God's will be warranted:
'Alas!' is a craven cry.
No din shall make me dread
Although today I die."

Then the courteous knight called out clamorously,
"Who holds sway here and has an assignation with me?
For the good knight Gawain is on the ground here.
If anyone there wants anything, wend your way hither fast,
And further your needs either now, or not at all."
"Bide there!" said one on the bank above his head,
"And you shall swiftly receive what I once swore to give you."
Yet for a time he continued his tumult of scraping,
Turning away as he whetted, before he would descend.
Then he thrust himself round a thick crag through a hole,
Whirling round a wedge of rock with a frightful weapon,
A Danish axe duly honed for dealing the blow,
With a broad biting edge, bow, bent along the handle,
Ground on a grindstone, a great four, foot blade-
No less, by that love, lace gleaming so brightly!
And the gallant in green was garbed as at first,
His looks and limbs the same, his locks and beard;
Save that steadily on his feet he strode on the ground,
Setting the handle to the stony earth and stalking beside it.
He would not wade through the water when he came to it,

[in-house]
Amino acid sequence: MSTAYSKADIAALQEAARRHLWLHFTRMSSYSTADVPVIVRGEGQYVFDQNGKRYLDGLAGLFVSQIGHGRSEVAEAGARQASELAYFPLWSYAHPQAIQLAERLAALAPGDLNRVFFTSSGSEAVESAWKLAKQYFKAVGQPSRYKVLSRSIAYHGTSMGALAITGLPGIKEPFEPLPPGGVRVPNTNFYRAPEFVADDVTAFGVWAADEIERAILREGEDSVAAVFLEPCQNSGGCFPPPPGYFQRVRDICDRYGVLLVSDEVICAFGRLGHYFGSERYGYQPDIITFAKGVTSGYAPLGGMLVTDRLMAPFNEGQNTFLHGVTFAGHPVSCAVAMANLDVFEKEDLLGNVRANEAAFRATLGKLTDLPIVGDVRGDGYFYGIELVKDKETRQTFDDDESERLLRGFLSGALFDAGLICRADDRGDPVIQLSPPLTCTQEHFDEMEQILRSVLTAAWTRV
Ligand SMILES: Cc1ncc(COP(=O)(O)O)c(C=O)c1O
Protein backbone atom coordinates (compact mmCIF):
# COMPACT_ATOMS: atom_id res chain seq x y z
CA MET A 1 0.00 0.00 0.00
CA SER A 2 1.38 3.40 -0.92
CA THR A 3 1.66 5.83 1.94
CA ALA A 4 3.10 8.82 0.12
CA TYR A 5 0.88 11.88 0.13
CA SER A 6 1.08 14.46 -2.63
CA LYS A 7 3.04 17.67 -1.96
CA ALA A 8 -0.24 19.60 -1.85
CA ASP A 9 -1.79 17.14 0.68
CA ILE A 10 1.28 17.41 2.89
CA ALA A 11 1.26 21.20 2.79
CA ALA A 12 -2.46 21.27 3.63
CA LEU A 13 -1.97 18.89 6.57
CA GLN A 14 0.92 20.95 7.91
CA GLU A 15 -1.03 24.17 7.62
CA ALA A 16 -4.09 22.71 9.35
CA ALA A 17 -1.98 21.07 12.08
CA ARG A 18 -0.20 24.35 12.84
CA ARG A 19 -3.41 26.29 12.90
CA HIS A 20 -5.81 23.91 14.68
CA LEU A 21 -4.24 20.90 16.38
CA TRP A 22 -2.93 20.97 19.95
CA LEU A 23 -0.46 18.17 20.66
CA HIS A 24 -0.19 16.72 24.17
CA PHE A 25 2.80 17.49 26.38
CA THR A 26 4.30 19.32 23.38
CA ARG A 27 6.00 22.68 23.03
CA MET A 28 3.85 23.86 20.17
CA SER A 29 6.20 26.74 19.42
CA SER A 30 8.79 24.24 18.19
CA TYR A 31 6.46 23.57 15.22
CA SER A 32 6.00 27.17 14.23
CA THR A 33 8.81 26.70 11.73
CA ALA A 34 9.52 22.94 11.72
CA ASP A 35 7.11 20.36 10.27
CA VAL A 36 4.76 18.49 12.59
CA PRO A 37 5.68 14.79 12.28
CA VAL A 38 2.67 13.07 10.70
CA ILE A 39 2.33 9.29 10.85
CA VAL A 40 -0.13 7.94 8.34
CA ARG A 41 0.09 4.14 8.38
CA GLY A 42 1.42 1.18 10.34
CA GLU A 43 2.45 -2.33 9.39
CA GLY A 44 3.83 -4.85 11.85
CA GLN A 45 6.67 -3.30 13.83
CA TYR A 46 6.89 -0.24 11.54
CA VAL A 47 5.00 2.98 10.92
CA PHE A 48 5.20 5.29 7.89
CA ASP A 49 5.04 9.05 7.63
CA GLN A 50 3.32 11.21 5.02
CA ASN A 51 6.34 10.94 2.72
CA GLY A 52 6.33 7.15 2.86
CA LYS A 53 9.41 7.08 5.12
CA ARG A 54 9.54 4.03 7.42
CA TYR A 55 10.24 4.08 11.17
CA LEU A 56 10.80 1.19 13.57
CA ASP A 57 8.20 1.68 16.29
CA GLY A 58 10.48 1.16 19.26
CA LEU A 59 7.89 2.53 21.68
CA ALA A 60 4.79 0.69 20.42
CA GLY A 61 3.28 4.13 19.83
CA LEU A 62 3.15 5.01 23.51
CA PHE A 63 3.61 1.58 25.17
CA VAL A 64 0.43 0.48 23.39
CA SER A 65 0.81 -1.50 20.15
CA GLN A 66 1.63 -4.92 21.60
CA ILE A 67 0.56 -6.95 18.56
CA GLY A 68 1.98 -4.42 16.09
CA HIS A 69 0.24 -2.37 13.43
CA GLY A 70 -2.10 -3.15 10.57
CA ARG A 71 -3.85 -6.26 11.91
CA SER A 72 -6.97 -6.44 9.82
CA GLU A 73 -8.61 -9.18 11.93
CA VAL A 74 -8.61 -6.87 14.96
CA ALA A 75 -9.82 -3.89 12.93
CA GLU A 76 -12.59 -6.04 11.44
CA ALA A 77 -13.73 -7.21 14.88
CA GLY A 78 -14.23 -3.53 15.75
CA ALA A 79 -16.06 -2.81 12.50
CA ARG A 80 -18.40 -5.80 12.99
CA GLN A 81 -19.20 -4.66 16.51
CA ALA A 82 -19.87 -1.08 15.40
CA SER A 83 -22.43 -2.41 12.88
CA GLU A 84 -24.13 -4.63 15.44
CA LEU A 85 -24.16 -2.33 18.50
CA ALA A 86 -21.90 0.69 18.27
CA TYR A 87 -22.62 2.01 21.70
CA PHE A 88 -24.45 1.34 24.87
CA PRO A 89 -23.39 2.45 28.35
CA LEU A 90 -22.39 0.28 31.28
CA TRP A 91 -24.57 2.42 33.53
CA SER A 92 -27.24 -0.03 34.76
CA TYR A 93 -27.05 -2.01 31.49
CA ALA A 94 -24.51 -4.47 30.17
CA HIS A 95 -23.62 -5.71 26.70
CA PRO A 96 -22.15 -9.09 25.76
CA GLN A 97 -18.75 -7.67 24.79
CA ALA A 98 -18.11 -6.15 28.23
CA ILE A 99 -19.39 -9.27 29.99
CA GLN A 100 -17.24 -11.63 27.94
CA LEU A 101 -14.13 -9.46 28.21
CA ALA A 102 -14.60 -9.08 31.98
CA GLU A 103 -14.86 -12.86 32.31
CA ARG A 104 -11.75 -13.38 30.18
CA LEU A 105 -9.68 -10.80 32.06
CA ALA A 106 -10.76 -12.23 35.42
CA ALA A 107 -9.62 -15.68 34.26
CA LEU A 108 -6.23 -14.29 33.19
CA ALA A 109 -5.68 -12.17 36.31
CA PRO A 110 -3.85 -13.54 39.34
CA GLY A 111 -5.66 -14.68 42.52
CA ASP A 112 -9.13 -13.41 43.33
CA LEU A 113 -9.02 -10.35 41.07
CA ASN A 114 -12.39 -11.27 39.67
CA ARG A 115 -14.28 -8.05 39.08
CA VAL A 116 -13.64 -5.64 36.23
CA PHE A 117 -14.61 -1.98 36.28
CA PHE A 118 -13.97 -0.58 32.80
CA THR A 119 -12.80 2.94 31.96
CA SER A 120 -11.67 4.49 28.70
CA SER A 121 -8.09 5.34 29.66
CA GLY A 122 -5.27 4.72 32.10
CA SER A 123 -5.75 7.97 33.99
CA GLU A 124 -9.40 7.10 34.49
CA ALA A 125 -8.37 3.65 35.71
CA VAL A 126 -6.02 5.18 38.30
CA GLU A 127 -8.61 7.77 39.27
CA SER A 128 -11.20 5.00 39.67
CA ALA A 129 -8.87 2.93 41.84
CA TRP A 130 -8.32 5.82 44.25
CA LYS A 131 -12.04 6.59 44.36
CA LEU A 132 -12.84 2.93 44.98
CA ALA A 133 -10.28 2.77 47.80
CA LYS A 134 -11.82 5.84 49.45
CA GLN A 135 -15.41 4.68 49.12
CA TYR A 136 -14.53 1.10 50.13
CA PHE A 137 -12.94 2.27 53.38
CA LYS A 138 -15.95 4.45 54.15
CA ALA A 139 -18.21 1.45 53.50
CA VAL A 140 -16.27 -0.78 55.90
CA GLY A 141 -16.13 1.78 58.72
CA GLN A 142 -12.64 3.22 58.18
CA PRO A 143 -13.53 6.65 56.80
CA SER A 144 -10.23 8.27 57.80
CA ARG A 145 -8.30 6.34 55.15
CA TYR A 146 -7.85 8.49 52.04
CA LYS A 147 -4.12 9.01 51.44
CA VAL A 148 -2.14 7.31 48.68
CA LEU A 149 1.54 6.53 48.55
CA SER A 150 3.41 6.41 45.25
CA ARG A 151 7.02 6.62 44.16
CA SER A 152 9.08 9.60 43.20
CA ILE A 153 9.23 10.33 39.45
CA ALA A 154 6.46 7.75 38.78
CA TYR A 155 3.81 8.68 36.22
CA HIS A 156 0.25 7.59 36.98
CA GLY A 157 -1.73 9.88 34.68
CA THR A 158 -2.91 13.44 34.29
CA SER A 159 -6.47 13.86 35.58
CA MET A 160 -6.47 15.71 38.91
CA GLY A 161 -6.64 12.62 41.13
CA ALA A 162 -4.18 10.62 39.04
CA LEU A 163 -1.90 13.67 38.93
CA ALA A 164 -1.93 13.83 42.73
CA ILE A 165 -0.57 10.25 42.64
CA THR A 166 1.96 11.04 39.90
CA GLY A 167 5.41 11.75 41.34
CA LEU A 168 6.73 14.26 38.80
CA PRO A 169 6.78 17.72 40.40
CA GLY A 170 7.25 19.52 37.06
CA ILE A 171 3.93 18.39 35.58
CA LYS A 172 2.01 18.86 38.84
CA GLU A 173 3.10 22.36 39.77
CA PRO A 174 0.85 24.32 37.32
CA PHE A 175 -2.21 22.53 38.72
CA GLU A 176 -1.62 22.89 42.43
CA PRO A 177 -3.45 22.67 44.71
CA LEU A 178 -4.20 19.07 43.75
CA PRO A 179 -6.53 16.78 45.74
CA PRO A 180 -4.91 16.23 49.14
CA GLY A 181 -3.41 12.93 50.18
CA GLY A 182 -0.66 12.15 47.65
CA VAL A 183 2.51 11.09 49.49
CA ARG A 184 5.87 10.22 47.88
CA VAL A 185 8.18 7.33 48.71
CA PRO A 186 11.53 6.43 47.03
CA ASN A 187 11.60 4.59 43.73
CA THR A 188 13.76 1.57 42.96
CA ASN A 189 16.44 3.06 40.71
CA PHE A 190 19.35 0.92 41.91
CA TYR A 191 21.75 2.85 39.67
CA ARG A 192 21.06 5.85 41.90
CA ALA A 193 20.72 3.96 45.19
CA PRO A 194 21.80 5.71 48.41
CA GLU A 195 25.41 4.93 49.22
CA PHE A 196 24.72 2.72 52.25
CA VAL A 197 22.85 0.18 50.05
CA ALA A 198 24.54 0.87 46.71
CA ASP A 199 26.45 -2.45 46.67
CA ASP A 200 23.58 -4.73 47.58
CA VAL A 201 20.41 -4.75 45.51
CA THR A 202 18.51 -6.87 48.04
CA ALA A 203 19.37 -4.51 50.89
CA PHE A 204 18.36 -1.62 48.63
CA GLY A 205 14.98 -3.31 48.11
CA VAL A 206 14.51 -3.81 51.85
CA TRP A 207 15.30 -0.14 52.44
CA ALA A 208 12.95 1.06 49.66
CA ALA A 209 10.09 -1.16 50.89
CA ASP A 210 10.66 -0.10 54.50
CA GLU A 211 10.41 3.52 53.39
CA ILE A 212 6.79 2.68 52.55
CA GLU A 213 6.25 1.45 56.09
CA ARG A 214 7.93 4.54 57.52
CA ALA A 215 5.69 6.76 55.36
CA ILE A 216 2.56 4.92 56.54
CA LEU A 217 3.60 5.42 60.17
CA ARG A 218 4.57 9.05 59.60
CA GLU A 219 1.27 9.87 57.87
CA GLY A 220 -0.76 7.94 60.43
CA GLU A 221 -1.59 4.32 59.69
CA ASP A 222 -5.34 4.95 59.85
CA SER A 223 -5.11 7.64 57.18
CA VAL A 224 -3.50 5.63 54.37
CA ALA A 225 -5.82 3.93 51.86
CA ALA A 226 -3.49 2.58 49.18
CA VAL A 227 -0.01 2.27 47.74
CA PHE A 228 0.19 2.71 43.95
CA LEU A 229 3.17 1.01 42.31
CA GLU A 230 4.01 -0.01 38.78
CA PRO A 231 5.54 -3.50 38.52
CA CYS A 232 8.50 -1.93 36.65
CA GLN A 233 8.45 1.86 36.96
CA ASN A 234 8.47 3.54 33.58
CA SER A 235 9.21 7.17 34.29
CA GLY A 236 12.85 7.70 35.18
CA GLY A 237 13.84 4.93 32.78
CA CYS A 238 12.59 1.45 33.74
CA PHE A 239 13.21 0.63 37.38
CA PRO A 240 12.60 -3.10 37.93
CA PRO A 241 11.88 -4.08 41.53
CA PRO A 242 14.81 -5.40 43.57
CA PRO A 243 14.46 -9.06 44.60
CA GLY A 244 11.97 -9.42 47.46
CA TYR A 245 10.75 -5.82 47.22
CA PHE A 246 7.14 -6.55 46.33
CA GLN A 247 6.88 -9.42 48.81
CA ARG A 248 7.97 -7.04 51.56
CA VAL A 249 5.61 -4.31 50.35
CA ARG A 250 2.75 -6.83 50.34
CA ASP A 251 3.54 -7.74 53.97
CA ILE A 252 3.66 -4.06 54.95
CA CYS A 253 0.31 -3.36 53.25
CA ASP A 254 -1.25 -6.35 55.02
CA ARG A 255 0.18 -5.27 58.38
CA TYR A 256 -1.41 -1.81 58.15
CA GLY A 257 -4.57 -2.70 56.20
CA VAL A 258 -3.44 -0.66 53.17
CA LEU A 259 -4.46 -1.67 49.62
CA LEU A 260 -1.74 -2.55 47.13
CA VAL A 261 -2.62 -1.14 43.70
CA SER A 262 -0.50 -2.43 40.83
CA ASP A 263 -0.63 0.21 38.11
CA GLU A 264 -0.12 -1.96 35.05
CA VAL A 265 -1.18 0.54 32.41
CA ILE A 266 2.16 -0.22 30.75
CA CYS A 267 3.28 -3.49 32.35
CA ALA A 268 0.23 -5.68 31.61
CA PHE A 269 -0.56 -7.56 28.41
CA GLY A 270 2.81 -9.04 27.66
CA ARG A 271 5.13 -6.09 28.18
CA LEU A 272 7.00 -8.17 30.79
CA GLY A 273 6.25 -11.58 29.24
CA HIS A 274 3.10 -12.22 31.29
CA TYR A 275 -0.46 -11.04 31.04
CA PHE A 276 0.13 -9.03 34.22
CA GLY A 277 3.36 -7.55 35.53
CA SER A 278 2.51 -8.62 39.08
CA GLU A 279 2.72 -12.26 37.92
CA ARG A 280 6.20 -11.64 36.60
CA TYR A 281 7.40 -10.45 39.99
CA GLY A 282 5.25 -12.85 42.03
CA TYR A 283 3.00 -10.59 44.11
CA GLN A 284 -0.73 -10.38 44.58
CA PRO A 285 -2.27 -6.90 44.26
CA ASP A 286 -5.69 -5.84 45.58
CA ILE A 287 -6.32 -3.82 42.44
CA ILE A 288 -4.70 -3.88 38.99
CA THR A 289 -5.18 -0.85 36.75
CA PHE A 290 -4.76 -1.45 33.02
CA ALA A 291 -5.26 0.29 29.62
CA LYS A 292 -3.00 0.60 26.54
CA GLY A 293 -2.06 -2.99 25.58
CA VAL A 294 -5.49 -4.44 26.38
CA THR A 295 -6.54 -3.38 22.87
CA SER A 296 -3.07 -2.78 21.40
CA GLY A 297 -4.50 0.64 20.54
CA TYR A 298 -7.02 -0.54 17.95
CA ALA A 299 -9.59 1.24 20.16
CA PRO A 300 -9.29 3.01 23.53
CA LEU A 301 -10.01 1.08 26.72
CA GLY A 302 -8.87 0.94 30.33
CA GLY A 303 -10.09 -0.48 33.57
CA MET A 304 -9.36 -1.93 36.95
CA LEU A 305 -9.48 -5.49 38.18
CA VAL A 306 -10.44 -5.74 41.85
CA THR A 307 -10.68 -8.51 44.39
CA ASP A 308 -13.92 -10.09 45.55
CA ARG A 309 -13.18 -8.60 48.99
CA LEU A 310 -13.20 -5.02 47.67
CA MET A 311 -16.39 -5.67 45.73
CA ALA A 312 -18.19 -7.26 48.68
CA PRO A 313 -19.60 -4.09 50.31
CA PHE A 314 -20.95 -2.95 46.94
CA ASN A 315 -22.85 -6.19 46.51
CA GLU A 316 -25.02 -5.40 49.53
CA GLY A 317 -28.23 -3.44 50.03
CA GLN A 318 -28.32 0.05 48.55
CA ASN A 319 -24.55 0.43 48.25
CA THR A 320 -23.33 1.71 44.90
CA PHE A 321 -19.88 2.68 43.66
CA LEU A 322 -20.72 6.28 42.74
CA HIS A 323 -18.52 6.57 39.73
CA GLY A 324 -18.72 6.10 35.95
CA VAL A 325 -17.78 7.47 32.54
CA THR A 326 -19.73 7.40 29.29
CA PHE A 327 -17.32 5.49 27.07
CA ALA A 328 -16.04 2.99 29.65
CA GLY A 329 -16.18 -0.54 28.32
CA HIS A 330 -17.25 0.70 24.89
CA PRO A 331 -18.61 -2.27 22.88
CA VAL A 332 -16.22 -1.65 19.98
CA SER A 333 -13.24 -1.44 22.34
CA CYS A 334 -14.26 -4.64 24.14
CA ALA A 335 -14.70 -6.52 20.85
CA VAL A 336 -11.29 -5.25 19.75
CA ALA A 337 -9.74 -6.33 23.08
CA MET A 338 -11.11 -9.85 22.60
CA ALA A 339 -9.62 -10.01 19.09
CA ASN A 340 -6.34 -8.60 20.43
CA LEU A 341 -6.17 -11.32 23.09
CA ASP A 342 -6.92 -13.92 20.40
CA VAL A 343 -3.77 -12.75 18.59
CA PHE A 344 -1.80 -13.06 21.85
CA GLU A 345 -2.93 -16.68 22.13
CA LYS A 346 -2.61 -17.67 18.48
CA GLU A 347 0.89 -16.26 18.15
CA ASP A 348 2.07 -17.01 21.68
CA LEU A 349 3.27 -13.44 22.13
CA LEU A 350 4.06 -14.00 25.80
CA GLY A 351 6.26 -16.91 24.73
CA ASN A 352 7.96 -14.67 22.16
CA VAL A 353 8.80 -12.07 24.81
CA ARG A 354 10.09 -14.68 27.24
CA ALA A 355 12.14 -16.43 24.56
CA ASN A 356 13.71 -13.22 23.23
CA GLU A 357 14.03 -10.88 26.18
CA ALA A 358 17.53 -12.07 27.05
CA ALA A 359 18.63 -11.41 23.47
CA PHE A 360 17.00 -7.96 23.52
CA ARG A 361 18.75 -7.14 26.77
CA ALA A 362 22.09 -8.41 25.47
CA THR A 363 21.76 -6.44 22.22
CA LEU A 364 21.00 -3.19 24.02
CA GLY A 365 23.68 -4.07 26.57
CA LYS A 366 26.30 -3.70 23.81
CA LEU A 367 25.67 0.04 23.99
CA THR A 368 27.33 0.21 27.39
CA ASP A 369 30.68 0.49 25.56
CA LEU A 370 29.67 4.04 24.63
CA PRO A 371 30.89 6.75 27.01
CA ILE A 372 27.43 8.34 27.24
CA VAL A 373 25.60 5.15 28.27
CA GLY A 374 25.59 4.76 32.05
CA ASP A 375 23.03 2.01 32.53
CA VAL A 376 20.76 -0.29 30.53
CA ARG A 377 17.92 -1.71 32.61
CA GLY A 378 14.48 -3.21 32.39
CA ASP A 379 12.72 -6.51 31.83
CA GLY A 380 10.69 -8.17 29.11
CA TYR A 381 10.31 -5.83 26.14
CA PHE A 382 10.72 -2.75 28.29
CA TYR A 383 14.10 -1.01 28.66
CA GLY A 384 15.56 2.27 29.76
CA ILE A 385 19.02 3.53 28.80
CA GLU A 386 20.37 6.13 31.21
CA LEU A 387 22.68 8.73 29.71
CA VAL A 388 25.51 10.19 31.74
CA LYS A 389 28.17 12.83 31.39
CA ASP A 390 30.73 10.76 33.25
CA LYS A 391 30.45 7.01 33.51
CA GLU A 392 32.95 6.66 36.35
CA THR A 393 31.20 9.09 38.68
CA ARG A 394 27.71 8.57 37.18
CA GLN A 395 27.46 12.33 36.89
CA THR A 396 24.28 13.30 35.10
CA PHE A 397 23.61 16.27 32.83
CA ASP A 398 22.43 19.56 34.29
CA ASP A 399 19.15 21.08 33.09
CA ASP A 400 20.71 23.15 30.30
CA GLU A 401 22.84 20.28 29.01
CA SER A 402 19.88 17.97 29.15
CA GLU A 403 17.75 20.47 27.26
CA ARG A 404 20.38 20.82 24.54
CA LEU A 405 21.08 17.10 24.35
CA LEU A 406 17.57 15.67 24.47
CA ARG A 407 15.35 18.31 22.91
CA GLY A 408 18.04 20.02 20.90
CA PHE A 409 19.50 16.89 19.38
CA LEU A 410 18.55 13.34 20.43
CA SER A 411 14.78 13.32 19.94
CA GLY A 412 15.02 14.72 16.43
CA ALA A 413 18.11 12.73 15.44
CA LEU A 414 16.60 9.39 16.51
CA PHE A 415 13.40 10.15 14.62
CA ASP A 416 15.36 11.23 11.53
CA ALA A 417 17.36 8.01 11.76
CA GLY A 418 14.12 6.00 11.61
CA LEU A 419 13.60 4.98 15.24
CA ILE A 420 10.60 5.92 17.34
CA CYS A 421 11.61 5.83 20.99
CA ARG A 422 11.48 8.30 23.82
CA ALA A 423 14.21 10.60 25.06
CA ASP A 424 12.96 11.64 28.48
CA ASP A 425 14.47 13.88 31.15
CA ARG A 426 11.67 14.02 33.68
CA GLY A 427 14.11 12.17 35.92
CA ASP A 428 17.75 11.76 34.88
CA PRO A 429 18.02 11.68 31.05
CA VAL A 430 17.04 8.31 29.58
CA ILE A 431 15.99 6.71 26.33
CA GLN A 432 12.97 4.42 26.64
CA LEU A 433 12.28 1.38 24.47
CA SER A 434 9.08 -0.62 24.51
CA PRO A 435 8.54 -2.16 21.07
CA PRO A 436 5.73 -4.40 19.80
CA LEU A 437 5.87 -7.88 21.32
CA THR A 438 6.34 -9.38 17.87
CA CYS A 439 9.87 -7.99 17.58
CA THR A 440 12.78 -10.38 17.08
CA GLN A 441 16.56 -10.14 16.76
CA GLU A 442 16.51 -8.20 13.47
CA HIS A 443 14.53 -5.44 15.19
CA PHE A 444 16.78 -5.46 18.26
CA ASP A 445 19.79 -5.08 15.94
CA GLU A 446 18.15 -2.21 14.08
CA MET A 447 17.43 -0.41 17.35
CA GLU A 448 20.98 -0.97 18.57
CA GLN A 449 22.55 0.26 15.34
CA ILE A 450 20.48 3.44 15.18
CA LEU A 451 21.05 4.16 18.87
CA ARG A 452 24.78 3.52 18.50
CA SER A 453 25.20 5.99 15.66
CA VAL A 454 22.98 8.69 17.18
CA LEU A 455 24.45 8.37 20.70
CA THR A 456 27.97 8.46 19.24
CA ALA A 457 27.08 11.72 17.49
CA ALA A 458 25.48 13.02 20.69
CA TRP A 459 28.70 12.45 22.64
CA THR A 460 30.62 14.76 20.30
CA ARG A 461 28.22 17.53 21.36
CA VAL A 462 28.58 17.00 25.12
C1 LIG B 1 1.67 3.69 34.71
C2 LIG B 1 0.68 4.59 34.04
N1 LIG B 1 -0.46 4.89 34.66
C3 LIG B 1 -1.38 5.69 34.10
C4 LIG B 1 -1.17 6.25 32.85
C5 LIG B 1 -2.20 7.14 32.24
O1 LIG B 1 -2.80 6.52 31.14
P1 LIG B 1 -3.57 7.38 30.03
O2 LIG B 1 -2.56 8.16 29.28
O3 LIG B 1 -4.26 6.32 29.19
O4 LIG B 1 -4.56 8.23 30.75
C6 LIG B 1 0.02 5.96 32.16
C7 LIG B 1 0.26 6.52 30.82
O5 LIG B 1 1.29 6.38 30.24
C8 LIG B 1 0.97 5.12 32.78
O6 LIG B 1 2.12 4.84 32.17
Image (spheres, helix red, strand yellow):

But vaulted over on his axe, then with huge strides
Advanced violently and fiercely along the field's width

On the snow.
Sir Gawain went to greet
The knight, not bowing low.
The man said, "Sir so sweet,
You honor the trysts you owe."

"Gawain," said the green knight, "may God guard you!
You are welcome to my dwelling, I warrant you,
And you have timed your travel here as a true man ought.
You know plainly the pact we pledged between us:
This time a twelvemonth ago you took your portion,
And now at this New Year I should nimbly requite you.
And we are on our own here in this valley
With no seconds to sunder us, spar as we will.
Take your helmet off your head, and have your payment here.
And offer no more argument or action than I did
When you whipped off my head with one stroke."
"No," said Gawain, "by God who gave me a soul,
The grievous gash to come I grudge you not at all; a
Strike but the one stroke and I shall stand still--
And offer you no hindrance; you may act freely,